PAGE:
Large-Scale Motion Between Pacific and Atlantic Hotspots

Tarduno, JA, Gee J.  1995.  Large-Scale Motion Between Pacific and Atlantic Hotspots. Nature. 378:477-480.

Date Published:



field, latitudinal shift, plate, record, seamounts, sediments, true polar wander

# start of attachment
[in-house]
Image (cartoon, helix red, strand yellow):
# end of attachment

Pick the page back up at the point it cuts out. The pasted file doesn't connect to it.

STUDIES of true polar wander (TPW), the rotation of the solid Earth with respect to the spin axis(1), have suggested that there has been 10-15 degrees of relative motion over the past 130 Myr (refs 2-4). In such studies, the orientation of the spin axis is recovered from continental palaeomagnetic poles (corrected for relative plate motions), and compared with a deep-mantle reference frame defined by hotspot locations. But deducing relative plate motions becomes increasingly difficult for older (Mesozoic) time periods, hindering tests of TPW on timescales comparable to those of large-scale mantle convection; moreover, the assumption of hotspot fixity is controversial(5,6). We examine here a more direct approach(7,8), using palaeolatitudes derived from Pacific guyots. Contrary to predictions from TPW models, these data suggest only minor latitudinal shifts of Pacific hotspots during the Cretaceous period. Instead of TPW, relative motion between the Atlantic and Pacific hotspot groups(9) is required at a velocity of approximately 30 mm yr(-1), more than 50% larger than previously proposed(5).